MAR 20, 2014 1:00 PM PDT

Neurogenesis, cognitive dysfunction and Alzheimer's disease

Presented at: Neuroscience
Speakers
  • Associate Professor of Anatomy and Cell Biology, University of Illinois College of Medicine
    Biography
      r. Lazarov started her scientific career as a graduate student at the Weizmann Institute of Science in Israel. There, she joined the research group of Professor Michal Schwartz, where she studied the cross talk between the immune system and the central nervous system in relation to nerve trauma. She was granted The Feinberg Graduate School Fellowship of Distinction for Outstanding Achievement in Studies and Research and the Feinberg Graduate School Award for Distinguished Ph.D. Students. After graduation she joined the research group of Professor Sangram S. Sisodia at the University of Chicago. Dr. Lazarov studied and characterized multiple aspects of Alzheimer's disease neuropathology. Her pioneering studies showed that in addition to genetics, environmental factors play a major role in the formation of Alzheimer's disease. Dr. Lazarov joined the Department of Anatomy and Cell Biology at the University of Illinois at Chicago in 2005, where she established a research group that studies neurogenesis and plasticity in aging and in Alzheimer's disease.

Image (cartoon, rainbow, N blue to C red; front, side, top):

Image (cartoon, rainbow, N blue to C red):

Abstract:

    Neural stem cells exist in the adult mammalian brain throughout life. They reside in the subgranular layer of the dentate gyrus and in the subventricular zone. Neural stem cells have the capability to self-renew, proliferate and differentiate into neurons and glia. The existence of neurogenesis permits high level of brain plasticity and provides a source for cellular replacement. Importantly, new neurons play a role in hippocampus-dependent learning and memory. Thus, modulation of neurogenesis has a high therapeutic value, once the molecular signaling regulating these processes is unraveled. This might be particularly critical for aging-linked cognitive decline, such as occurs in Alzheimers disease. Neurogenesis is impaired early in life in Alzheimers mouse models, and major players in Alzheimers disease regulate neural progenitor cell proliferation and differentiation. This lecture will discuss the molecular link between neurogenesis and Alzheimers disease and the ways by which impairments in neurogeneis may contribute to or exacerbate the disease. Finally, we will discuss neurogenesis-based therapy for the amelioration or attenuation of Alzheimers disease.


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